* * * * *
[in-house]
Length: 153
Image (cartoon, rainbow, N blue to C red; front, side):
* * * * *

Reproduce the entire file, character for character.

[in-house]
Length: 153
Image (cartoon, rainbow, N blue to C red; front, side):